​Commonwealth searches for network and cabling service providers

The re-branded government ICT Hardware Panel has been opened to providers of network equipment and cabling services.

The Digital Transformation Agency (DTA) is seeking vendors to join its Hardware Marketplace, specifically to provide government entities with network equipment and cabling services.

In the approach to market published on Monday, the DTA explains it is seeking to establish a pricing regime which caps the price of the offerings for the term of the agreement -- until June 30, 2021 -- and guarantees minimum discounts off list or recommended retail price.

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The Hardware Marketplace is divided into different categories of offerings, with a separate panel of suppliers established for each category. The latest application process is to establish further offerings within Category 2 Network Equipment and Category 3 Cabling Services.

"We intend to re-open each category on the Hardware Marketplace at least every 12 months to allow existing sellers to submit updated pricing, and to allow submissions of new applications to become a seller," the DTA explains. "There is currently no limit on the number of sellers that we may enrol in any category or sub-category, although we may change this policy in the future."

The Australian government announced in August last year it was going to be shaking up the way it procures technology services, offering startups and small to medium-sized enterprises (SMEs) a larger portion of Canberra's technology spend.

Attempting to make good on the promise, the DTA announced its intention to launch the Hardware Marketplace, which it touted as a place for government to buy products like monitors, tablets, PCs, servers, and technical services from the smaller vendors, in a space usually reserved for the technology heavyweights.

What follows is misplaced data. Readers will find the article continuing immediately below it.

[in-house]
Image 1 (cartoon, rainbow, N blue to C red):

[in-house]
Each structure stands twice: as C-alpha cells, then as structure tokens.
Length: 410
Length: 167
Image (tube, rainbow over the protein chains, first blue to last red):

The Hardware Marketplace supersedes the ICT Hardware Panel and expands on the categories of equipment and associated services made available to buyers.

Although the re-branded panel is open to smaller players, vendors need to prove their technical merit, commercial capability, benefit to the Australian economy, and level of risk associated with selecting them, as well as provide a competitive price for their services and what in addition to tendered for they can supply before being accepted onto the marketplace.

Australian Energy Minister Angus Taylor, in his former role as Assistant Minister for Cities and Digital Transformation, revealed in November that since August 2016, SMEs have been awarded 75 percent of AU$50 million in technology contracts published on the Digital Marketplace.

However, during a Joint Committee of Public Accounts and Audit hearing in February, it was revealed that consultancy giants EY and PwC were classed as SMEs by the Australian government as a result of multiple subsidiaries or a number of ABNs registered to the parent company.

The definition of an SME is 200 employees or less, the joint committee was told.

Taylor, who considers Australia's approach to cybersecurity "world leading", and who last year called the Australian government a big bureaucratic beast, believes that in order for the government to make good on its promise to undergo a digital transformation, it needs to change the way it procures products and services.

Read also: Data#3 scores whole of Australian government Microsoft licensing contract | Australian government spent AU$364m on Microsoft licensing in 2013-16 | Australian government paid AU$4.9b to IBM, Boeing, Lockheed Martin for IT services

The DTA said it intends to conduct separate approaches to market in the future for offerings in other categories, noting also there is no limit on the number of categories it may decide to add to the marketplace.

The approach to market closes November 9, 2018.


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